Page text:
Review – Star Wars: Darth Vader and the Ghost Prison #5 of 5

Script: Haden Blackman
Art: Agustin Alessio
Letters: Michael Heisler
Cover Art: Dave Wilkins
Published by: Dark Horse Comics

The stage is set and the retaliation is at hand, while Gentis prepares for his final move in this overthrow we see the Sith master plan come together and all hell breaks loose. Tohm, Trachta and Vader are hell-bent on stopping this event with their new recruits  and no betrayer will make it through their vengeance for what has been done. The race is on to grip the future of the Empire and the Death Star in this battle and everyone is getting involved in the slugfest.

For those hoping for a tense moment, you get a ton of them and it’s a rough ride as Vader tries to get his army to the front line before it all falls apart. Gentis is on his toes trying to rush this along, Tarkin becomes bait in a larger game and a transport full of unruly prisoners is ready to burst. The length of the issue is no different from before but yet it still feels like a blip in time because of the pacing, everything is on the verge of failure unless perfect timing is obtained. With the Emperor still returning to health as well it’s just a sketchy situation with no room for error.

Vader does what he’s become known for, acting as a pure force of power in the battlefield, slaying anything that gets in his path and taking no prisoners at all. His power extends well beyond the battlefield into his training and daily interactions though, just because you fight with the man it doesn’t mean you’re exempt from his wrath. So no, Vader doesn’t use the force on a jug of milk but he does make it known that no one will upstage him either and with that swoop we go off into oblivion waiting for the next Sith tale to come our way.

Blackman and Alessio do a great job bringing this story to life with highly active panels and story timing, we got in late with the series coverage but it’s so worth the read. The art is crisp and detailed and showcases all of the combatants and future fodder in vivid attention to gesture, emotion and their situations. Let’s hope the duo gets together again in future projects.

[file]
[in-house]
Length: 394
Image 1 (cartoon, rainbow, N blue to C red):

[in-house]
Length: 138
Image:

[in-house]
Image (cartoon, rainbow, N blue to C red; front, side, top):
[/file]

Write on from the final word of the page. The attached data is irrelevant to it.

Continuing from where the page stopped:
Release date: September 19, 2012

Links: Pre-Order | Preview

Story:★★★★½ 
Art:★★★★★ 
Dialog:★★★★½ 
Overall:★★★★½ 

Review – Star Wars: Knights of the Old Republic – War #5 of 5

Script: John Jackson Miller
Pencils: Andrea Mutti
Inks: Pierluigi Baldassini
Colors: Michael Atiyeh
Lettering: Michael Heisler
Cover Art: Benjamin Carre

Zayne is on a last-ditch effort to save the young Jedi from the grasp of Kace as he looks to expand his ranks, there’s a whole plant in question for the Mandalorian control and only a brave group can stop them. With so much on the line is it possible for the bad luck of Zayne to stay at bay or will this all go horribly wrong?

Fortunately this isn’t a cliffhanger ending, we’re in the final chapter of the War series and it’s a tense issue, after using soup and mind games to chase off an entire crew, they’re off to Dantooine to showdown with Kace. The plan is strong and with an entire armory at hand they’re privileged to all the tools they need for the biggest ruse of their lives in this ongoing arms race of the Mandalorian knights.

Miller delivers attention to the holes in the story that opened up, making sure to close out the drama with Kace in full and deliver some heated conflict in the process. We also see some follow-up to everyone after this whole story breaks out giving some resolve until the next time we visit this conflict and universe for more action. The only shortcoming is the big battle, Zayne isn’t a man of conflict and it shows, even in his most violent moment everything feels like he’s just buying time for something more to happen. He has the potential to deliver as we see in so many battles where he’s able to disarm and bring enemies to surrender and it would be nice to see that spotlight come to full light in the future.

We don’t know what happens to Zayne next, just that he’s on another journey, the team did a great job delivering a concentrated story in such a small span.

Links: Pre-Order | Preview

Release date: May 9th, 2012

Story:★★★★½ 
Art:★★★★½ 
Dialog:★★★★☆ 
Overall:★★★★½